Try This On Yourself If You Are Struggling With Self-Confidence

Mirrors are so commonly found in every bedroom, living room, and bathroom that it’s easy for their usage to slip by unnoticed by the conscious mind.

Unfortunately, the behaviors that we don’t examine can often become compulsive habits — actions that don’t stem from conscious desire. If your goal is to act completely freely and spontaneously in each moment, without the cloud of self-consciousness hanging over your movements, reducing the compulsive habit of taking a peek at the looking glass might be worth trying. Whenever I’ve had the opportunity to go a few days without checking my reflection (say, while camping or at a weekend festival), I’ve found myself feeling intensely free in each moment, not having that video stream running in my head of how I appear moment-to-moment. During these times, I wondered what was at play here (besides spending a considerable amount of time outside and away from screens). After some experimenting, I found that during these breaks from mirrors, my memory of the image in the reflection began to fade a bit, allowing my focus to turn to what’s actually happening in the external world in that moment.

The theory here is that every time you look in the mirror, you’re giving your mind a new frame of reference of what you look like, reinforcing the image of how it thinks you appear when you’re acting. This self-perception, or self-consciousness, is often played in your mind as a third person point-of-view video of what you’re doing in the present. Armed with this updated image of self, that video becomes vivid and difficult to escape, preventing freedom in our actions.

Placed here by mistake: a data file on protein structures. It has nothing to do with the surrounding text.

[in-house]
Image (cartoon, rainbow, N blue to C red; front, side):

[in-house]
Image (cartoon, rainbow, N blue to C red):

The habit can be intensified when it’s combined with self-talk, regardless of whether that’s negative or positive. Positive self-talk can reinforce the act of tying self-worth to external appearance. An individual’s worth isn’t tied to the arrangement of flesh on a body, and finding confidence through vanity can be covering up deeper rooted self-esteem issues. On the flip side, negative self-talk — criticizing features of your body or face — can obviously be extremely destructive to self-confidence. It’s both tying self-worth to external appearance, and then attacking that self-worth based off of this false precept. It’s only natural. We’re obviously bombarded with advertised images of people with flawless external appearances. Tons of money goes into the research behind using these advertisements to psychologically drive us to feel a certain way, and desire that look. Once that desire is in us, we check to see if we’re fulfilling that desire every so often by updating the mental image of what we look like. This study found that staring in the mirror for prolonged periods can even increase signs of anxiety and distress in healthy people that were satisfied with their appearance to begin with. It’s not often that we actually need to look in the mirror. Do it before you leave the house in the morning. Maybe once during the day. Most of the time, we appear just fine. In those rare instances we don’t, trust that people around you will be comfortable enough with you to say something. If you don’t trust that, ask someone around you to tell you. I challenge you to try this exercise: go 5 days without compulsively checking yourself in the mirror. If you have a full body mirror in your room, cover it up with an adhesive drawer liner. See how your attention turns to the world around you during this time. I promise— the external world is much more interesting. .

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